One From the Archive: ‘Birdcage Walk’ by Helen Dunmore **

First published in 2018.

Helen Dunmore’s final novel, Birdcage Walk, is a piece of historical fiction set in 1792, in Bristol.  At this time, ‘Europe is seized by political turmoil and violence’.  The Observer calls Birdcage Walk ‘the finest novel Dunmore has written’.  The Daily Telegraph deem it ‘Quietly brilliant…  among the best fiction of our time.’  The Guardian believe it to be ‘a blend of beauty and horror evoked with such breathtaking poetry that it haunts me still’.  The novel was longlisted for the Walter Scott Prize, and has been rather highly praised by critics, as the above quotes demonstrate. 9780099592761

Lizzie Fawkes, the protagonist of the novel, is the product of a childhood lived in Radical circles, ‘where each step of the French Revolution is followed with eager idealism’.  Lizzie has recently married a property developer named John Diner Tredevant, who is ‘heavily invested’ in their city’s housing boom, and has ‘everything to lose from social upheaval and the prospect of war’.  He is displeased with Lizzie’s ‘independent, questioning spirit’, and is of the conviction that she should live and behave only in the manner he wishes her to.  In 1793, war was declared between Britain and France, which led to the collapse of the housing boom in Bristol, causing many builders and developers to go bankrupt; this, of course, affects Lizzie and John.

The novel opens in present day Bristol, where a dogwalker comes across an overgrown grave: ‘If my friends hadn’t decided that I should have a dog I would never have opened the gate and gone into the graveyard.  I always took the paved path between the railings.  Birdcage Walk, it’s called, because of the pleached lime trees arching overhead on their cast iron frame.’  The grave which his dog, Jack, first discovers ‘leaned only slightly backwards’.  The name inscribed upon it is Julia Elizabeth Fawkes, an eighteenth-century writer.  The narrator is able to find no information about her whatsoever online, and goes to an open day at her known residence in order to ask an archivist what they are able to find out.

The novel proper begins with rather a chilling chapter.  It begins: ‘He must have shut his eyes.  When he opened them, there she was.  She lay as he had left her, under a tree in the brambles and ivy.  He had laid her out straight, and crossed her hands, and then he had wrapped his coat about her head.  He had known that she would stiffen in a few hours, and that he would not want to see her once again.  There she was.  No one had come; he’d known that no one would come.  It was his luck.  There were no marks where he had dragged her, because he had lifted her in his arms and carries her.’  This man, unknown to us at first, then digs a grave and buries her, before scurrying away.  The second chapter of the novel, and the majority of those which follow, are narrated by Lizzie, whose mother is a writer.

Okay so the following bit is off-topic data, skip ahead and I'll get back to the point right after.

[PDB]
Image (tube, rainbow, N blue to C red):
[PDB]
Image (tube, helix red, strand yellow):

The descriptions in Birdcage Walk are sometimes inventive, and have a vivacity to them.  For instance, Dunmore writes: ‘But the moon was inside too.  It had got into the bedroom while we were sleeping.  Its light walked about over the bedstead, over the chest, the basin in its stand and the blue-and-white jug.  It was a restless thing and I could not lie still.’  I found the first couple of chapters, and the differentiation between tone, character, and period intriguing, but I soon found myself losing interest in the story once Lizzie’s account began.  Her voice felt too settled, and I could not invest enough empathy in her plight.  The dialogue felt forced, unnatural, and repetitive, and the prose and plot were too slow, and plodded along.  Julia Fawkes was a real person, but I felt as though Dunmore had no hold upon her character.  Whilst Dunmore often excels in her novels with her descriptions of the natural world, and in setting scenes, I did not quite feel as though this was the case here.

Birdcage Walk deals with ‘legacy and recognition – what writers, especially women writers, can expect to leave behind them’.  This has an added poignancy, given Dunmore’s untimely death last year.  Unfortunately, whilst I have very much enjoyed several of Dunmore’s novels in the past, Birdcage Walk neither lived up to its premise, nor to its praise, for me.  I am all for slow novels, but I like my historical fiction to be highly absorbing, and well anchored in the period.  Unfortunately, Birdcage Walk was neither.

Purchase from The Book Depository

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